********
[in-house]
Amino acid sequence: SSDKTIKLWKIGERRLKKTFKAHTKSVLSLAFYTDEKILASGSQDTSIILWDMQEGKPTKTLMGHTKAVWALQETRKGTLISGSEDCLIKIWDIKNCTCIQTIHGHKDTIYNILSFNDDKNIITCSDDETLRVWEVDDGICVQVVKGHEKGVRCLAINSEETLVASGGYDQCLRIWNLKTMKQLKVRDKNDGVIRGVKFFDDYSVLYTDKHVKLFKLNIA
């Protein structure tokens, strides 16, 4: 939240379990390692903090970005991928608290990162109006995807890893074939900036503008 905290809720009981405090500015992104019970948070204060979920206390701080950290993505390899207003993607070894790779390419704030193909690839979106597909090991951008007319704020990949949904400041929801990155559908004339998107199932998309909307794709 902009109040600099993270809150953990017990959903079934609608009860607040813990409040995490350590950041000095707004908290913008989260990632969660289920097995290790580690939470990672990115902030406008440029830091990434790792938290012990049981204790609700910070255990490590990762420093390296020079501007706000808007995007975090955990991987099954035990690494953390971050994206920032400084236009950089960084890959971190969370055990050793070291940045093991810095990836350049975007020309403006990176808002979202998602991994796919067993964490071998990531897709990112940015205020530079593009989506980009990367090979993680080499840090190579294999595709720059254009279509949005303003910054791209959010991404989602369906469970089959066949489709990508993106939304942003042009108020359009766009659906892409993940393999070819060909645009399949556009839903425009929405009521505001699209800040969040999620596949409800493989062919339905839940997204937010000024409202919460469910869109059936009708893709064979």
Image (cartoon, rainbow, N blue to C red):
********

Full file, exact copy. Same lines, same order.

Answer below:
[in-house]
Amino acid sequence: SSDKTIKLWKIGERRLKKTFKAHTKSVLSLAFYTDEKILASGSQDTSIILWDMQEGKPTKTLMGHTKAVWALQETRKGTLISGSEDCLIKIWDIKNCTCIQTIHGHKDTIYNILSFNDDKNIITCSDDETLRVWEVDDGICVQVVKGHEKGVRCLAINSEETLVASGGYDQCLRIWNLKTMKQLKVRDKNDGVIRGVKFFDDYSVLYTDKHVKLFKLNIA
């Protein structure tokens, strides 16, 4: 939240379990390692903090970005991928608290990162109006995807890893074939900036503008 905290809720009981405090500015992104019970948070204060979920206390701080950290993505390899207003993607070894790779390419704030193909690839979106597909090991951008007319704020990949949904400041929801990155559908004339998107199932998309909307794709 902009109040600099993270809150953990017990959903079934609608009860607040813990409040995490350590950041000095707004908290913008989260990632969660289920097995290790580690939470990672990115902030406008440029830091990434790792938290012990049981204790609700910070255990490590990762420093390296020079501007706000808007995007975090955990991987099954035990690494953390971050994206920032400084236009950089960084890959971190969370055990050793070291940045093991810095990836350049975007020309403006990176808002979202998602991994796919067993964490071998990531897709990112940015205020530079593009989506980009990367090979993680080499840090190579294999595709720059254009279509949005303003910054791209959010991404989602369906469970089959066949489709990508993106939304942003042009108020359009766009659906892409993940393999070819060909645009399949556009839903425009929405009521505001699209800040969040999620596949409800493989062919339905839940997204937010000024409202919460469910869109059936009708893709064979």
Image (cartoon, rainbow, N blue to C red):